Santosh Kumar Singh said: "The practice of female infanticide spread with the newfound prosperity among all sections of society following the Green Revolution across Punjab. The advent of affordable and convenient sex determination methods, especially ultrasound imaging in 1991, led to a spurt in female foeticide. The Pre-Natal Diagnostic Techniques (Regulation and Prevention of Misuse) Act (PNDT) was implemented in the year 1994, but hardly put a curb to the crime."
"Until the stringent measures initiated by the government in the last couple of years, it was not uncommon to see signs put up by sex-selection clinics across Punjab and Haryana urging people to make a choice: 'Spend a few hundred rupees now (to abort a female foetus) and save lakhs of rupees later (in dowry)'," Singh added.
According to the 2001 census, the national sex ratio was 933 girls to 1,000 boys, with Punjab (798 girls to 1,000 boys) followed by Delhi (821 girls to 1,000 boys) and Haryana (861 girls to 1,000 boys) faring the worst.
According to a Unicef report released in December last year, 10 million girls may have been killed by their parents in India over the past 20 years, either before they were born or immediately after.
Although the Union government seems to have woken up to "a national crisis", the response, according to some public health experts, almost condones the abandonment of female babies. Union Minister of State for Women and Child Development Renuka Chowdhury reportedly announced plans to launch the cradle baby scheme across the nation by saying: "lf you don't want a girl, leave her to us."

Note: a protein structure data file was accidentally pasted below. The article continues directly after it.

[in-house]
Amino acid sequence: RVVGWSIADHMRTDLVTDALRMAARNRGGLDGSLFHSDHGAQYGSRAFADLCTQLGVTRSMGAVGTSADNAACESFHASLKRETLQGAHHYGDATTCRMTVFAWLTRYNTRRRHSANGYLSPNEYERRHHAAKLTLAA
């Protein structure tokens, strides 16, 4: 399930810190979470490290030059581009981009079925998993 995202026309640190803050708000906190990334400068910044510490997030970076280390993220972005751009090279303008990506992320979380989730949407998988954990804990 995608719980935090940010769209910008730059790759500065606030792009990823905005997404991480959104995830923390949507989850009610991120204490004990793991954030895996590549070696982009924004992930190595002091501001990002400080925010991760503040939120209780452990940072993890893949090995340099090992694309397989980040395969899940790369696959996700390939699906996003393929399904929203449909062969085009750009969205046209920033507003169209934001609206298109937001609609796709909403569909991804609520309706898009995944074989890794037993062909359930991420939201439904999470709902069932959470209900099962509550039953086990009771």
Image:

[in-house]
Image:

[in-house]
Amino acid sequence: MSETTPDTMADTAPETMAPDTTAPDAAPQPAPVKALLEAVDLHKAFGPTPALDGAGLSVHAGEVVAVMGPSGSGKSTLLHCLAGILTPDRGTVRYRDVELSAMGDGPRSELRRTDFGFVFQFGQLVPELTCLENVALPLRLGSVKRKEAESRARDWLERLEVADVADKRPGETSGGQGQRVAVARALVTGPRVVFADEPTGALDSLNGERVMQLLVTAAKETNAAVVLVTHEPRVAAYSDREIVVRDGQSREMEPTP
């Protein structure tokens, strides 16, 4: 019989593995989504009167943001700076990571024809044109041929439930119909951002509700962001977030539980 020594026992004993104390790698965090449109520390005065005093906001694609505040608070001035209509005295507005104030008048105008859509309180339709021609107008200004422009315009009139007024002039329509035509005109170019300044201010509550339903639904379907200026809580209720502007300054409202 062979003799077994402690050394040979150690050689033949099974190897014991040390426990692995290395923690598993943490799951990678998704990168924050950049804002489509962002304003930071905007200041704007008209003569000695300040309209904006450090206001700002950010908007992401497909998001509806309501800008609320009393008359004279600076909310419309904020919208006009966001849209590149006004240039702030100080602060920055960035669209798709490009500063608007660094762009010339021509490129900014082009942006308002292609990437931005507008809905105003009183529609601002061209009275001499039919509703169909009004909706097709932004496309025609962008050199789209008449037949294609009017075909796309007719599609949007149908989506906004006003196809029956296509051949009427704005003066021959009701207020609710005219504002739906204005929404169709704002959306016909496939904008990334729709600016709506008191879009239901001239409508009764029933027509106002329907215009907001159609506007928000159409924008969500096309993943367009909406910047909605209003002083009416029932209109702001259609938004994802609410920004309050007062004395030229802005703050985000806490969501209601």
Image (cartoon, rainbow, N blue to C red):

Campaigners like Sabu George, a Delhi-based researcher who has done pioneering work on declining sex ratios in India, said that though the cradle scheme does have a role, the positive approach adopted by religious leaders and organisations like the SGPC, though significant, may have come too late. "Chowdhury should have announced the cradle scheme 10 years ago," he said.
"The SGPC's present stand has more to do with its concern for the dwindling population of Sikhs than any concern for the girl-child," George added. "As far as the involvement of individual religious leaders is concerned, we would not have been dealing with this issue if they were so influential. For leaders of any religion in this country, women are not equal to men."
Amar Jesani, trustee, Anusandhan Trust, Mumbai, is also wary of involving religious leaders in the campaign. "One primary reason for religious leaders joining campaigns on sex-selection is that they see a great opportunity to oppose abortion, which is not pro-women."
Jesani, though, feels the cradle scheme is needed to provide good support, home care and love to abandoned kids. "Such a scheme should not be linked to sex-selective abortion because it should be for all children, not only for female ones. More importantly, it should not be a gimmick as it has become now," he said.
Both George and Jesani appeared more concerned with the State's failure to make medical regulations work in India. "Why only the PNDT Act, is the Medical Council Act effective? That law is also for the regulation of doctors and their practice. How many doctors are disciplined for unethical practices," asked Jesani.
George said: "It is being said that Indian parents are choosing to abort female foetuses in such large numbers that over 900,000 girls are now being lost every year. The reality is doctors are encouraging parents to kill female foetuses. Why? Because they are making money."
According to George, India is not committed to protecting women and strictly regulating the medical profession and healthcare services. "What we are talking about is mass medical crimes and the State is refusing to do anything about it. We have killed more girls than the Nazis killed Jews. Only China is worse than us with a sex ratio of 832:1,000. But we will get worse by 2011, killing more than a million girls every year," he said.
By making timid appeals, by providing mere education, society and the power relations therein cannot be changed, said Jesani. The battle will have to be fought by all those who genuinely believe in non-discrimination and, of course, by women. Jesani added: "Unless they take it up in a big way, the State will show laxity in regulating doctors and healthcare services."
InfoChange News & Features, October 2008